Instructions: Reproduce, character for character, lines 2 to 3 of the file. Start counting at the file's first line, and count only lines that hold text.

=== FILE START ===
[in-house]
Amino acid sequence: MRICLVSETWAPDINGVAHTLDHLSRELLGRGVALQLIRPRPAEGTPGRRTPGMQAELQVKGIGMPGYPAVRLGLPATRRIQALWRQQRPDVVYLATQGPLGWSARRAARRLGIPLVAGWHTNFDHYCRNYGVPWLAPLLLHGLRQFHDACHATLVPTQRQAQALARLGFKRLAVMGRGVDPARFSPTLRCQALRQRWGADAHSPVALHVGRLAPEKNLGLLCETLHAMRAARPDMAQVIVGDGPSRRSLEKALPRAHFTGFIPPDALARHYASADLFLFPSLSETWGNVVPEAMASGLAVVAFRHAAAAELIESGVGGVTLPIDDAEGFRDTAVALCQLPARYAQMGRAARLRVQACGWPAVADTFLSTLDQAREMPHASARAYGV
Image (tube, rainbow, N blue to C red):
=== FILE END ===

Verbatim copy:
Amino acid sequence: MRICLVSETWAPDINGVAHTLDHLSRELLGRGVALQLIRPRPAEGTPGRRTPGMQAELQVKGIGMPGYPAVRLGLPATRRIQALWRQQRPDVVYLATQGPLGWSARRAARRLGIPLVAGWHTNFDHYCRNYGVPWLAPLLLHGLRQFHDACHATLVPTQRQAQALARLGFKRLAVMGRGVDPARFSPTLRCQALRQRWGADAHSPVALHVGRLAPEKNLGLLCETLHAMRAARPDMAQVIVGDGPSRRSLEKALPRAHFTGFIPPDALARHYASADLFLFPSLSETWGNVVPEAMASGLAVVAFRHAAAAELIESGVGGVTLPIDDAEGFRDTAVALCQLPARYAQMGRAARLRVQACGWPAVADTFLSTLDQAREMPHASARAYGV
Image (tube, rainbow, N blue to C red):